The best thing about working in trauma is that no day or patient is the same”: Meet Sara Logan, major trauma ward matron
To mark the second series of Channel 4's Emergency, we are publishing a series of Q&As with key staff involved in our major trauma centre.
Nurses play a vital role in caring for patients who are admitted to our major trauma ward at St Mary’s Hospital. Here, Sara Logan, major trauma ward matron, gives an insight into how nurses work alongside other specialists on the ward and reflects on her own passion for working in major trauma.
Tell us about your role.
I am matron for the major trauma ward at St Mary’s Hospital. I’ve been on this ward since it opened in 2010 – I started as a band 5 nurse and have progressed to matron.
Essentially, I help run the ward. I look after the nurses and healthcare assistants and ensure they have completed the latest specialist trauma training, and I partly look after our doctors and trauma consultants. I also oversee the care of our patients – from the point of admission all the way through to discharge, ensuring that the relevant specialist teams are involved. As a team we run a specialist trauma clinic and make sure trauma patients get the follow up they need.
What role does nursing play in the major trauma centre?
I’m biased because I am a nurse, but I think nurses play a vital role in the major trauma team. We are by patients’ bedsides for 12-hour shifts at a time so not only do we build relationships with and support patients, we also support their families too. Obviously other healthcare professionals do the same, but doctors for example see roughly 40 patients whereas we have a nurse-to-patient ratio of one to five. Our nurses ensure each patient receives truly holistic care which encompasses their physical, emotional and psychological needs. Due to the nature of trauma, nurses on the major trauma ward deal with a lot of different types of patients and injuries so our skillset is very big – we are well equipped to look after patients, their families, and one another.
What inspired you to pursue a career in nursing? And in major trauma specifically?
I’ve always wanted to help people. I have a lot of family in the medical field, and I couldn’t imagine myself doing anything else. During my training I was drawn to fast-paced, high-energy wards and as soon as I discovered trauma, I never looked back.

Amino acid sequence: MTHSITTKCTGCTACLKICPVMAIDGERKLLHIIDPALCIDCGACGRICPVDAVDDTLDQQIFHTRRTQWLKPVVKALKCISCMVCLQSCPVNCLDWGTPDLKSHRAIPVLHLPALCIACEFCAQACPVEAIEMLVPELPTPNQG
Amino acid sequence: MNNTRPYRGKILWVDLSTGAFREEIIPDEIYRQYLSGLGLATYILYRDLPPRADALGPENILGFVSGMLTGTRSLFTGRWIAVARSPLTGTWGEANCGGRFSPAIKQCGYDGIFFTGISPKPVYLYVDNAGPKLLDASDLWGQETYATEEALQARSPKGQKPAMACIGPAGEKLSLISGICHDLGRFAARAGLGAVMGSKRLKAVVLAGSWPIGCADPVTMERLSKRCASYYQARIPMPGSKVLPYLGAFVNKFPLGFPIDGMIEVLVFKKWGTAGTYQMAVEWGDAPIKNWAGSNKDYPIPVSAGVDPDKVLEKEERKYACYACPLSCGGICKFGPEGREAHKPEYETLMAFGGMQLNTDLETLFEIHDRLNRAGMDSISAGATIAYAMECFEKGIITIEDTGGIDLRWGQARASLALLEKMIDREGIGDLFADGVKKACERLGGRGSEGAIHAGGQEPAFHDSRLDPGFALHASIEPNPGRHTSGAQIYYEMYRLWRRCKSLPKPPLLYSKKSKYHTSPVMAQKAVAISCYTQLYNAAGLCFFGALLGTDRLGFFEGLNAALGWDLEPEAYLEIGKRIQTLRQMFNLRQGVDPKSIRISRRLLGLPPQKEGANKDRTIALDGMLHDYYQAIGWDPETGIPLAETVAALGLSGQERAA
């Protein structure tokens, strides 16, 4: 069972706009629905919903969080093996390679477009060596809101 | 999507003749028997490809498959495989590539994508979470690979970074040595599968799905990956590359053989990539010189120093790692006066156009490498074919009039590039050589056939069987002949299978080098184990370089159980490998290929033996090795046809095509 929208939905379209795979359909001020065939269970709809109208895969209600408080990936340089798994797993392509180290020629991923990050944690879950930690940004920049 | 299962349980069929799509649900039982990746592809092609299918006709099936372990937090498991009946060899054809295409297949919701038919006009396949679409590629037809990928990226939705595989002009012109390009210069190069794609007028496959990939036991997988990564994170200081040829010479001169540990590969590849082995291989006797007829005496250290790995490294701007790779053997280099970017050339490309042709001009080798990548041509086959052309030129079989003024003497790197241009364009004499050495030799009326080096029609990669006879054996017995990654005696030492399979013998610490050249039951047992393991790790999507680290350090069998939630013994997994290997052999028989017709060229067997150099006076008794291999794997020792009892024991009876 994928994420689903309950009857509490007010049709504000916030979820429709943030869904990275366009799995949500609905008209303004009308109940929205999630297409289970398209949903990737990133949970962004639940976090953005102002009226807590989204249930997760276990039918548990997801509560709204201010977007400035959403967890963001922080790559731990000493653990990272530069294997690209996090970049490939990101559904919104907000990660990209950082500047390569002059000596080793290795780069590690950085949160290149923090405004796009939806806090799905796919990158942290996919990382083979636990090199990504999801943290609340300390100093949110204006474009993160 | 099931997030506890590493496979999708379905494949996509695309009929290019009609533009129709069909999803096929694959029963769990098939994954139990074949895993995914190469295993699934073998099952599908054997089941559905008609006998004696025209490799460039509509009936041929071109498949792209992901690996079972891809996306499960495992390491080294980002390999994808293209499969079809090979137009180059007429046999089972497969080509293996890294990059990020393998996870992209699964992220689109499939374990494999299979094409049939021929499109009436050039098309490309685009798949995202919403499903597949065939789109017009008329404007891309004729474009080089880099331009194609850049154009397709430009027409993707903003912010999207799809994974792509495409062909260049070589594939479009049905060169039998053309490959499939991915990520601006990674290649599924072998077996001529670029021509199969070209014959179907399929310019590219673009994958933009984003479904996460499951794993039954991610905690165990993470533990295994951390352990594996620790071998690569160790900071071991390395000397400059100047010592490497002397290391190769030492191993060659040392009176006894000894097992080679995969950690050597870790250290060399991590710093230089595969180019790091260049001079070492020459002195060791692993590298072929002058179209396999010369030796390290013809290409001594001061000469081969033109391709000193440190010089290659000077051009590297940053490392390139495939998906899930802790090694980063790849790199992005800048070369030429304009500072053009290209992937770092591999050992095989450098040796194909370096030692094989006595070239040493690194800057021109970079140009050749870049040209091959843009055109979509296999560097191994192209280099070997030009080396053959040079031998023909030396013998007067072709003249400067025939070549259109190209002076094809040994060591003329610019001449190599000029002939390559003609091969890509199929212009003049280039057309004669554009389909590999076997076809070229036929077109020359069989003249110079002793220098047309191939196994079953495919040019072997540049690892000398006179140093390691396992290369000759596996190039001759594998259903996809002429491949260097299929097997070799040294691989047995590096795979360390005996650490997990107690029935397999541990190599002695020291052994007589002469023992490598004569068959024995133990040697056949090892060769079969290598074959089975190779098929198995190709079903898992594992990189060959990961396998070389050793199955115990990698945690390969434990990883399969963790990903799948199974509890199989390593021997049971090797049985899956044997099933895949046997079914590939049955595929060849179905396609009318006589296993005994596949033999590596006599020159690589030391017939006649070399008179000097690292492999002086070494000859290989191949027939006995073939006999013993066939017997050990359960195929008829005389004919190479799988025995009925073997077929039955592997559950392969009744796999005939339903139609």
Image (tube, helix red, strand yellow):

The best thing about working in trauma is that no day or patient is the same. It can be challenging and traumatising as you naturally absorb a lot of trauma from your patients. But to support patients through life-changing injuries and when they are at their lowest is so rewarding.
I have found it rewarding to care and support patients who have come to us through gang-related violence, and to watch their transformation as they begin to trust us and allow themselves to be helped.
Major trauma is a collaborative field that brings together a range of specialties. How do all these specialties work together to provide holistic care to patients?
We're a big team. There are my nursing teams, our Trauma consultants and our ward doctors, our geriatrician consultants and our therapy team. We have a major trauma consultant, spinal consultant, and a cranial consultant of the week, and these teams have their own registrars. The trauma consultants have an extensive background in either Trauma, vascular, plastics, orthopedics and general surgical (a mixture of backgrounds), and within this team there are trauma coordinators and advanced nurse practitioners who ensure all trauma patients receive the highest of nursing care throughout their trauma journey. We have a neuro coordinator who helps support our cranial and spinal patients and all coordinators organise repatriations, rehab and run clinics for outpatients. Physiotherapists and occupational therapists play a vital role in the trauma ward and help with the rehabilitation of our major trauma patients. Rehab coordinators step in to help coordinate where patients should go after we fix their acute injuries, and our clinical psychologist sees trauma patients in need of mental health support.
Then there are the teams who sit outside of our ward who we refer trauma patients to, such as our speech and language therapists, dieticians, and children and adult safeguarding services. We also work closely with our red threads team who offer support to people up to the age of 25 who have been involved in gangs or violent attacks.